from the kitchen. There was no line telling Kim to check the muffins in the
oven and almost any other actor would have forgotten them and just left the
room. Not Kim. For a brief second she turned to look through the oven door at
her muffins, making sure they would not immediately burn if she left for a
second. The moment wasn't in the script. The director didn't tell Kim to do
it. There wasn't even a shot of the oven. It was just the genius of truth
that this great actor brought to the must mundane of acting situations.
In an episode of a early 80's Patty Duke series, Kim played an
immigrant Irish mother who came to see Duke's prosecuting attorney character
in the hopes of saving her son who was on trial for murder. Now this series
was a sit-com, although more in the vein of All In The Family than Seinfeld,
but with Kim's scene it became drama. Kim's character was uneducated and had
no idea how to conduct herself in a professional manner. All she knew was
that she had to save her child. Kim played that hope to the bitter end.
Duke's character rejected all her pleas. Finally, Kim fell silent and got up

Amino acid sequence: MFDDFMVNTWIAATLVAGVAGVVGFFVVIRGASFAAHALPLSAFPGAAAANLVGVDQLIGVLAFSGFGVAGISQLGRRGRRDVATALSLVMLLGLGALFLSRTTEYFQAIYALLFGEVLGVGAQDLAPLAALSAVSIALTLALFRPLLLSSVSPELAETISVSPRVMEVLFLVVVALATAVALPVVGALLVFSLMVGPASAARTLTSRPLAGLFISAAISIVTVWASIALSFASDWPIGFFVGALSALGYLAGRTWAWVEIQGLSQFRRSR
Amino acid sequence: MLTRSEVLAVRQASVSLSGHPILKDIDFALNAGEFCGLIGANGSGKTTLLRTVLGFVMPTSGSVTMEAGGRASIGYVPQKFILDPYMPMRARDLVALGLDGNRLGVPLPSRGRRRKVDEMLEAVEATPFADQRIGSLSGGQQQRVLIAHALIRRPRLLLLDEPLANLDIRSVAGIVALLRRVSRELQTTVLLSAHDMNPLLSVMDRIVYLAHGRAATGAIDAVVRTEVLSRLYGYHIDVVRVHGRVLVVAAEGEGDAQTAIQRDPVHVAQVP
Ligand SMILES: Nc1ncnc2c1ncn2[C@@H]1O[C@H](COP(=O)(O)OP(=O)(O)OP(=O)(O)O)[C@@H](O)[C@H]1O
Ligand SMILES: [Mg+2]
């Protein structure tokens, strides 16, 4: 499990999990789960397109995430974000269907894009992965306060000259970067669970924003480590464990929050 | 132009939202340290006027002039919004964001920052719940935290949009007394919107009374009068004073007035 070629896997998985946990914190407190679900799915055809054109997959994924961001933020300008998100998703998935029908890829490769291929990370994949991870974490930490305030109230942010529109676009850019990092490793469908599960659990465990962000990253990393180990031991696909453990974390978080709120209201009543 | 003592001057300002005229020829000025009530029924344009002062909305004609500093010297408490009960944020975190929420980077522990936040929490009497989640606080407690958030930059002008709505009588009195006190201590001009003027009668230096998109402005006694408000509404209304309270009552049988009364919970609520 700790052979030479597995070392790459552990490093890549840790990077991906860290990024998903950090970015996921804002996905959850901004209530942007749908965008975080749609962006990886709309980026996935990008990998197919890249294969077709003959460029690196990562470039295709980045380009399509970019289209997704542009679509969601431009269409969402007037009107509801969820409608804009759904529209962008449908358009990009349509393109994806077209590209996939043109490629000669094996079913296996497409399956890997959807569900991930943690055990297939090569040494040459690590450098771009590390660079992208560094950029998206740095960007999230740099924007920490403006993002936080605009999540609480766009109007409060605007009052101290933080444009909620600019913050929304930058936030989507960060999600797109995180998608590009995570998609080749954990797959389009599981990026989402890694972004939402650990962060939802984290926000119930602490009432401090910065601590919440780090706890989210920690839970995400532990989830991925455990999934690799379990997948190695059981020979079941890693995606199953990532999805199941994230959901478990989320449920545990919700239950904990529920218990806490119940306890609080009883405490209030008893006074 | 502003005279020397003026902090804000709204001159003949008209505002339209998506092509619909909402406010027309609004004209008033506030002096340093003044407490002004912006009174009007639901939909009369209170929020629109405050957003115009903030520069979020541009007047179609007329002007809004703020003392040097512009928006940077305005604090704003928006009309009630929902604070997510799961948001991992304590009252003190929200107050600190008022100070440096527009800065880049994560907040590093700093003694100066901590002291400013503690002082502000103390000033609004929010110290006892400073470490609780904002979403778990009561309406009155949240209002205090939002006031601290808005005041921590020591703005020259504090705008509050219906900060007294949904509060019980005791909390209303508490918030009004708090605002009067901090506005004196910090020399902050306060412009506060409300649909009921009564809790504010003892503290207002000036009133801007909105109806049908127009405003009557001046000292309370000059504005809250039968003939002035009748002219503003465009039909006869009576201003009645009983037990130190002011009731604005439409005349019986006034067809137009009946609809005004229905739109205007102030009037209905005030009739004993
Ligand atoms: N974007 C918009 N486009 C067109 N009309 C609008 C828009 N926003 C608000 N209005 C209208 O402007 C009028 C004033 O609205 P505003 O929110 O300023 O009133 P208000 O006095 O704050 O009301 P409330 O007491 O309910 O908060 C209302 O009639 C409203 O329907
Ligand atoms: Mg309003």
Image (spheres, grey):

to leave. She walked to the door and then turned. She began telling a story
in one last attempt to gain mercy for her boy. She saw that Duke wasn't
listening. Kim's voice trailed off and she allowed her character to simply
stare at Duke with the face of a mother's anger. In this all too brief scene,
Kim had shown what it is to honestly and completely DO an action: to save my
boy. Few actors play actions. They think they do but most actors use the idea
of actions to convince themselves that their line readings are real acting.
Kim was an object lesson in "completing an action" in this beautiful little
The few critics Kim's acting has had always point to what they consider
her indulgent emotional outbursts. They see the depth of her emotional
expression as little more than a neurotic woman showing off her tears. These
critics misread Kim's art because, few, if any, possess a working
understanding of the inner structure of acting: a deeply felt spine branching
out into the actions of the character. When one looks at Kim's work from the
modern perspective of "moment-to-moment," then it can appear, to the
unsophisticated eye, as just a series of emotional scenes. But if one
understands that Kim's work is all tied to a carefully chosen and deeply felt
character "spine" and that this spine is usually a basic human need, then,
when placed in Kim's CONTEXT, Kim's choices from moment-to-moment make
For example, take the ending of her second film SEANCE ON A WET
AFTERNOON. Kim plays a disturbed medium in this 1965 British film. Kim's
character plots to kidnap a child that she will then lead the police to, thus
"proving" her "second sight" is real. The character craves attention. She
wants to be known and recognized. She feels she is great and has been